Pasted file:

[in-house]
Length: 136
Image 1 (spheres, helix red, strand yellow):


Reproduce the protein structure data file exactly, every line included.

[in-house]
Length: 136
Image 1 (spheres, helix red, strand yellow):